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Political Hatreds

     My memo on political hatreds has drawn wide support. John Wonder describes their development in universities. He writes:
     I have my own interpretation of the undeniable political hatreds of which you speak. Its latest, most virulent form, I believe is an outgrowth of the 60's and the 70's. I stood aghast at the complacency of university administrators in general before the subversive activities of the time.The students seemed to think that illicit activities and destruction of property was all innocent fun and freedom of expression, and the administrations didn't dare crack down on it. There was no intellectual content to the demonstrations; how indeed could there be? The students didn't really know anything --about life, about death, about danger, or anything. Of course they were scared to death that they might have to go to Viet Nam; who wouldnt be? But to describe it some kind of great noble principle was so intellectually dishonest as to be sickening.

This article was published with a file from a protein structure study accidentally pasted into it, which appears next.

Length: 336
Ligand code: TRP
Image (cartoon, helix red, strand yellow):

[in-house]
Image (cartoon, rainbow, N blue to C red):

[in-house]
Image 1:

What is worse, however, is that the students in general were too callow to think up the argumentation on their own. I think they were egged on by older faculty members, perhaps many of whom resented the adulation bestowed upon WWII veterans.
     My comment: When I came to this country in 1937, student violence was restricted largely to Berkeley. I foretold at the time that it would become a worldwide phenomenon. During the period John describes, I was visiting a troubled university and chatting with a faculty member. The leader of the student rioters came into the office and asked him: "What do we do now?" However, he represented only a minority of the faculty.
     Administrations were frightened of the students, not of the faculty. If they were compelled to call the police, the cry went up "Pigs off campus!" A university in which rational discourse is not possible ceases to be a university.

Ronald Hilton - 06/20/99